Romans 10:5-10 speaks of God’s blessing as “near” to all of us. God’s grace calls for a whole person response, embracing heart as well as mind. Some are oriented toward heart faith, others toward mind faith; both receive God’s blessing. The Romans passage invites us to reflect on the many ways people respond to God’s grace. In light of Romans’ holistic approach to faith, we Christians might take seriously the yoga tradition of Hinduism – people can experience God primarily through mind, heart, hands, and embodiment. In the same way, there are many Christian yogas or pathways to God – some focus on doctrine, others on action and justice-seeking; some are incarnational, others emotional. Varieties of spiritual experience and practice enrich congregational and denominational life.
Paul’s Epistle to the Romans sees salvation as encompassing all people. Everyone is in God’s care, but we need to be awakened to grace, and this is our calling in the church – to share good news that transforms human beings, personally and corporately. God’s generosity calls us to generously share God’s grace with one another. In the spirit of the Genesis reading, our assent to God’s call opens new possibilities for God’s action in our lives and communities.
The passage from Matthew follows on the Matthew’s narrative of the feeding of the five thousand. After a long day of preaching – feeding people in body, mind, and spirit – Jesus goes to a deserted place to pray. Spiritual leadership involves the integration of action and contemplation, and extroversion and introversion. Jesus’ public ministry is balanced by time away for prayer and rest. This rhythm cannot be underestimated in achieving faithful excellence in ministry, whether we are laypersons or clergy. [For more on the interplay of prayer and action in ministry see Bruce Epperly, Starting with Spirit: Nurturing Your Pastoral Leadership (Alban); Bruce and Katherine Epperly, Tending to the Holy: The Practice of Presence of God in Ministry (Alban), The Four Seasons of Ministry: Gathering a Harvest of Righteousness (Alban), and Feeding the Fire: Avoiding Clergy Burnout (Pilgrim)]
Following his time of contemplation, Jesus reunites with his disciples. Confusing him with a ghost, the disciples are terrified. In response, Jesus reassures them with words familiar to them, “Do not be afraid.” Jesus’ comforting words inspire Peter to jump out of the boat, attempting to emulate his teacher. As long as he keeps his eyes on Jesus, Peter is able to do the miraculous – walking on the water. But, when Peter loses focus, concentrating on the waves rather than the source of hope, he sinks.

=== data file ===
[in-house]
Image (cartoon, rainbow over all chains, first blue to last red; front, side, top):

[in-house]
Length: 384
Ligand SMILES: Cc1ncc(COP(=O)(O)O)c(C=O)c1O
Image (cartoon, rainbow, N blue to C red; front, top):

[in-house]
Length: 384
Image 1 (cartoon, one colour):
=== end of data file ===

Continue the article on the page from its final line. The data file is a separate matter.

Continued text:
Peter’s experience is a model for us. It is easy for us to lose focus amid our current economic situation. Many persons and congregations anxiously face the future. Assuming their best days are behind them, and that we will never recover spiritually or economically, they are governed by feelings of fear and depression and acting as if God is not providentially present in our world. The gospel suggests that focusing on Jesus amid the storms of life transforms our ways of looking at the world and opens us to bursts of divine energy and insight.
The astute preacher might invite her or his congregants to consider practices that help us focus on God’s presence amid the storms of life. Inviting his congregants to “lived theology,” the preacher can cite times and places where faith in God has led to personal and communal transformation. This is not “Pollyanna” thinking or denial but opening to a deeper realism that includes both the bottom line and the realities of scarcity and God’s abundant and ever-flowing energy and inspiration.
Bruce Epperly is a theologian, spiritual guide, healing companion, retreat leader and lecturer, and author of nineteen books, including Holy Adventure: 41 Days of Audacious Living; God’s Touch: Faith, Wholeness, and the Healing Miracles of Jesus; and Tending to the Holy: The Practice of the Presence of God in Ministry. He has taught at Georgetown University, Wesley Theological Seminary, Claremont School of Theology, and Lancaster Theological Seminary. He is currently theologian in residence at St. Peter’s United Church of Christ in Lancaster, Pennsylvania. His most recent book is Process Theology: A Guide for the Perplexed. He can be reached for lectures, seminars, and retreats at email@example.com